Cross Stitching

Concrete Pavement Maintenance

Cross Stitching is a repair technique for longitudinal cracks in rigid pavements which are in reasonably good condition. The purpose of cross-stitching is to maintain aggregate interlock and provide added reinforcement and strength. The tie bars used in cross-stitching prevent the crack from vertical and horizontal movement or widening. 

Cross Stitching uses deformed tie bars drilled across a crack at angles of 35 degrees. A number 6 bar is sufficient to hold the joint tightly closed and enhance aggregate interlock. The bars, spaced 20-30 inches from center to center, alternate from each side of the crack. Heavy truck traffic and airplane traffic require the 20 inch bar spacing while the 30 inch spacing is adequate for light traffic and interior highway lanes.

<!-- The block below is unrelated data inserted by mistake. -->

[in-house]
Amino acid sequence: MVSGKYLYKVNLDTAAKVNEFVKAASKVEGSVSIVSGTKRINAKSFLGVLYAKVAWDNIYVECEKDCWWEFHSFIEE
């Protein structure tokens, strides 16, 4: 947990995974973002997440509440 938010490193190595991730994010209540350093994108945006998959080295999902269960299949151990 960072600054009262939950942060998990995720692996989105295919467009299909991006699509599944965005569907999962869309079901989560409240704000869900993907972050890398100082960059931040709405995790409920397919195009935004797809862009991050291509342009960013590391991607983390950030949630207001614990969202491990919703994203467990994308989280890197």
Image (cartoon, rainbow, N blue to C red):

Be careful not to stitch a transverse crack which has assumed the role of an adjacent joint. Stitching will not allow transverse joint movement (open and closure). A new crack will likely develop near a stitched working crack or the concrete will spall over the reinforcing bars. 

Estimated Service Life: 5 -10 Years

Valuable Website Links:

ACPA - American Concrete Pavement Association